Exchange Traded Funds

Exchange traded funds offer a very wide range of investment opportunities and they represent the shares of ownership in either unit investment trusts or in depository receipts. Depository receipts hold the portfolios of common stocks that track the performance and the dividend yields of specific market indexes. Exchange traded funds, also known as ETFs, are like closed-end and open-end index mutual funds and they trade like stocks.  They provide the investor with the opportunity to buy and sell a selection of stocks in a single security, just like when selling or buying stocks per share. Exchange traded funds are actually traded on an exchange, such as the NYSE, instead of being directly purchased from the issuing company, like mutual funds.   Exchange traded funds offer a very easy way to diversify a small investment and they have many benefits over mutual fund investing.

Benefits of Exchange Traded Funds vs. Mutual Funds

  • There is no minimum investment other than the market price of one share for ETFs.  Mutual funds often have a minimum of investment of $2,500 making portfolio diversification difficult for new investors.
  • Exchange traded funds typically have lower fees than traditional mutual funds. There is no redemption fee required at liquidation and the commission charged to buy or sell stock is similar to that of a stock trade.  Index funds are also no-load and are commission free.
  • Tax efficient.  The structure of exchange traded funds gives the investor a tax advantage over mutual funds.  Since they are traded on an exchange, the ETF investor sells to other investors and there is no underlying security that is sold. There are also no capital gains that are distributed.  Mutual funds however, must sell underlying securities upon redemption, and the capital gains are distributed to the owners of the funds.  This can result in taxable gains and losses that are passed on to the investor when investing in mutual funds.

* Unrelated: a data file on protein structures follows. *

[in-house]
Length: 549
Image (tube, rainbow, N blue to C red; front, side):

• Faster liquidation of a position for exchange traded funds.  They also allow the ability to set a limit order allowing for flexibly trading that a mutual fund could not offer. They can also be more liquid that the individual shares that they hold and more specifically for an ETF that holds small cap stocks that are thinly traded, or bonds other than U.S. Treasuries.
  • Pricing. The purchase and selling of exchange traded funds happen at market prices instead of end-of-day net asset value, used by mutual funds. They can be continuously priced throughout the day allowing the investor to react to open market conditions on an intraday basis. As result an ETF can be purchased at a premium or at a discount to the value of the underlying assets

Exchange traded funds provide small investors with more choices and they also force the investor to conduct more research on markets that they previously had no experience in. They also enable those individuals who are working to build a strong portfolio through diversification, to invest smaller amounts of money at first.  If you are interested in ETFs continue to do research and learn about the ins and outs of investing in these types of funds.

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